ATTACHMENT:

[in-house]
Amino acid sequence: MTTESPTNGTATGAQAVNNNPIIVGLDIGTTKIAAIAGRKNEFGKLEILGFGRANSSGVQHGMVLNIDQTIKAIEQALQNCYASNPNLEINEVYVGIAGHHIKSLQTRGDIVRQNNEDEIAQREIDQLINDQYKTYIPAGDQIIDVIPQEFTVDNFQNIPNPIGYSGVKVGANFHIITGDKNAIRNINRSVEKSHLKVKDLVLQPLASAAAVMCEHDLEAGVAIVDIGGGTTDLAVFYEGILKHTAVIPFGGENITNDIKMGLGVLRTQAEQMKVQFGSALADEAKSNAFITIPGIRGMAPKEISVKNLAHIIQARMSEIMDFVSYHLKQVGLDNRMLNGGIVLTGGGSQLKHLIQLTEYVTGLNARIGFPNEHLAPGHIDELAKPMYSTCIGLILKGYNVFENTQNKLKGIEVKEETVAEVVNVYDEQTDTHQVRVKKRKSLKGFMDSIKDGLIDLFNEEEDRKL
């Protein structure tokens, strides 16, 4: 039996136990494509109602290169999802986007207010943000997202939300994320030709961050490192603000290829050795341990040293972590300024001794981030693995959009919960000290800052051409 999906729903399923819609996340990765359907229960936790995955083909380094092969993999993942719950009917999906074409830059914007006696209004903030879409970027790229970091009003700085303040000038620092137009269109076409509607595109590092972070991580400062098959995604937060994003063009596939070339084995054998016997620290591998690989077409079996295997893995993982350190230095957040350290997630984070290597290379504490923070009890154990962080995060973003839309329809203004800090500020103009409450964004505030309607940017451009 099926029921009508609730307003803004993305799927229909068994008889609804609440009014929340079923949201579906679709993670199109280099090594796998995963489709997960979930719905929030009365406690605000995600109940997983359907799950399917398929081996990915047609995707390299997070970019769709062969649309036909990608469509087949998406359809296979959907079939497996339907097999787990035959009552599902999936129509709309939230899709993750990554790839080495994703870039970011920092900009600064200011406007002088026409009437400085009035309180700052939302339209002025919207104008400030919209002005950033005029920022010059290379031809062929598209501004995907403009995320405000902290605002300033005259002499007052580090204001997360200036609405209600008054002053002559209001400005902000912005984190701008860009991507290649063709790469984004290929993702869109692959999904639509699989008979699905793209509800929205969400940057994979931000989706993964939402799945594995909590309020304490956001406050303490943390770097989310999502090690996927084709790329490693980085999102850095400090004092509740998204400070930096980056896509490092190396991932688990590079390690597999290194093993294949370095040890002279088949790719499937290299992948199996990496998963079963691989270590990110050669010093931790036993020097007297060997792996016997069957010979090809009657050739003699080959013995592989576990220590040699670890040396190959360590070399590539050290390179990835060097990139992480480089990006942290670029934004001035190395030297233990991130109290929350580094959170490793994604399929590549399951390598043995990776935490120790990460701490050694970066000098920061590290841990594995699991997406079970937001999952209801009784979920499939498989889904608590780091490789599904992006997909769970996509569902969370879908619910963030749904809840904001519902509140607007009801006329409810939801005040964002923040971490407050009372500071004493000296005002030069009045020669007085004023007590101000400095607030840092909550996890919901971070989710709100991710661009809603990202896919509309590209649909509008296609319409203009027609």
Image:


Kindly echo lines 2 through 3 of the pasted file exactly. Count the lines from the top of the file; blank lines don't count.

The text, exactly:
Amino acid sequence: MTTESPTNGTATGAQAVNNNPIIVGLDIGTTKIAAIAGRKNEFGKLEILGFGRANSSGVQHGMVLNIDQTIKAIEQALQNCYASNPNLEINEVYVGIAGHHIKSLQTRGDIVRQNNEDEIAQREIDQLINDQYKTYIPAGDQIIDVIPQEFTVDNFQNIPNPIGYSGVKVGANFHIITGDKNAIRNINRSVEKSHLKVKDLVLQPLASAAAVMCEHDLEAGVAIVDIGGGTTDLAVFYEGILKHTAVIPFGGENITNDIKMGLGVLRTQAEQMKVQFGSALADEAKSNAFITIPGIRGMAPKEISVKNLAHIIQARMSEIMDFVSYHLKQVGLDNRMLNGGIVLTGGGSQLKHLIQLTEYVTGLNARIGFPNEHLAPGHIDELAKPMYSTCIGLILKGYNVFENTQNKLKGIEVKEETVAEVVNVYDEQTDTHQVRVKKRKSLKGFMDSIKDGLIDLFNEEEDRKL
């Protein structure tokens, strides 16, 4: 039996136990494509109602290169999802986007207010943000997202939300994320030709961050490192603000290829050795341990040293972590300024001794981030693995959009919960000290800052051409 999906729903399923819609996340990765359907229960936790995955083909380094092969993999993942719950009917999906074409830059914007006696209004903030879409970027790229970091009003700085303040000038620092137009269109076409509607595109590092972070991580400062098959995604937060994003063009596939070339084995054998016997620290591998690989077409079996295997893995993982350190230095957040350290997630984070290597290379504490923070009890154990962080995060973003839309329809203004800090500020103009409450964004505030309607940017451009 099926029921009508609730307003803004993305799927229909068994008889609804609440009014929340079923949201579906679709993670199109280099090594796998995963489709997960979930719905929030009365406690605000995600109940997983359907799950399917398929081996990915047609995707390299997070970019769709062969649309036909990608469509087949998406359809296979959907079939497996339907097999787990035959009552599902999936129509709309939230899709993750990554790839080495994703870039970011920092900009600064200011406007002088026409009437400085009035309180700052939302339209002025919207104008400030919209002005950033005029920022010059290379031809062929598209501004995907403009995320405000902290605002300033005259002499007052580090204001997360200036609405209600008054002053002559209001400005902000912005984190701008860009991507290649063709790469984004290929993702869109692959999904639509699989008979699905793209509800929205969400940057994979931000989706993964939402799945594995909590309020304490956001406050303490943390770097989310999502090690996927084709790329490693980085999102850095400090004092509740998204400070930096980056896509490092190396991932688990590079390690597999290194093993294949370095040890002279088949790719499937290299992948199996990496998963079963691989270590990110050669010093931790036993020097007297060997792996016997069957010979090809009657050739003699080959013995592989576990220590040699670890040396190959360590070399590539050290390179990835060097990139992480480089990006942290670029934004001035190395030297233990991130109290929350580094959170490793994604399929590549399951390598043995990776935490120790990460701490050694970066000098920061590290841990594995699991997406079970937001999952209801009784979920499939498989889904608590780091490789599904992006997909769970996509569902969370879908619910963030749904809840904001519902509140607007009801006329409810939801005040964002923040971490407050009372500071004493000296005002030069009045020669007085004023007590101000400095607030840092909550996890919901971070989710709100991710661009809603990202896919509309590209649909509008296609319409203009027609």